To that end, the majority of the book is spent examining the multiple ways animals and humans form communities and draws out implications for the kind of rights and duties owed in each kind of community. Domestic animals, it is argued, should be regarded as full citizens with legal rights and complex sets of positive duties owed to them. Wild animals are not owed citizenship rights but should be regarded as members of sovereign communities and granted the animal equivalent of universal human rights. So called ‘liminal animals’ with whom we have limited but important interactions – urban foxes and birds, dormice reliant on hedgerows for their ecological niche, stray cats and the like – occupy a complex middle ground.
The book is replete with examples of animal agency and and interspecies communication. We hear the story of Lulu the house-pig who sensed something was seriously wrong with her owner Joanne and ran of the house to get help, drawing blood as she squeezed through a dog door. When a driver found her lying in the road he was led back to the kitchen, where Joanne had just suffered a heart attack in the kitchen. This and less melodramatic examples of interspecies interaction are intended to illuminate the fact of our common community with animals and our duty to respect their rights and needs in exactly the way we would those of semi-dependent human community members.
When it gets into the nitty-gritty of radical animal rights and duties it also inevitably comes across as pie in the sky to those who are not fully convinced by the strong animal rights thesis. A favourite moment was the optimistic claim that there ‘is growing evidence that dogs can thrive on a (suitably planned) vegan diet’ and the ensuing discussion of whether cats should be allowed to hunt birds when hungry for meat. (They shouldn’t). Attempts to demonstrate the ability of animals to be engaged political actors stretch credulity despite the best efforts of the authors.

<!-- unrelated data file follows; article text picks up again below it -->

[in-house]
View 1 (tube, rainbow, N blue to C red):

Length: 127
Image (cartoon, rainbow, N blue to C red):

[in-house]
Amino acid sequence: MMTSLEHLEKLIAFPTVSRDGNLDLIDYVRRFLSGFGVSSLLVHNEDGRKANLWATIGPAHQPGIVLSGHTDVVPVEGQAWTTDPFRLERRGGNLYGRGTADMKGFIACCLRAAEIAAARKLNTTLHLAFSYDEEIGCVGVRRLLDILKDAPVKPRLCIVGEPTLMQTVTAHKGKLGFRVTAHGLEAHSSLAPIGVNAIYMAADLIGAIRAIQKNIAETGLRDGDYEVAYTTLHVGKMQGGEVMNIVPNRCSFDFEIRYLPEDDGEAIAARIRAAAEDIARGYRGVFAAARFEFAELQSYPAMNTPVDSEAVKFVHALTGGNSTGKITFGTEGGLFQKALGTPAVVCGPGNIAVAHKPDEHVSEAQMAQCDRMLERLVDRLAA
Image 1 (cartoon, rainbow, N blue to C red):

Such moments stand in tension with the general argument for animal citizenship at the heart of the book, which is remarkably difficult to punch serious holes in. It’s a deliciously contentious thesis. The argumentative weight placed on difficult and potentially offensive comparisons between domestic animals and the seriously disabled is suppressed. And many radical claims about the necessity of inviolable animal rights are brushed over fairly quickly in order to get to the main task of moving the animal rights debate from ethics to politics. But Zoopolis successfully demonstrates the benefits of such a move and will force liberal political theorists to look much harder at the boundaries of citizenship.
That said, I was slightly disappointed when they admitted that ‘effective political representation of domesticated animals […] will not be through extending the vote […] since animals are not capable of understanding the political platforms of different candidates or political parties’. A pity – for we could often say the same about ourselves.
Zoopolis. By Sue Donaldson and Will Kymlicka. Oxford University Press; 264 pages, £18.99 at Blackwells.
Daniel Hutton Ferris is a MPhil student in Political Theory at Oxford University. This review is cross-posted from his new blog, Political Theory Bits.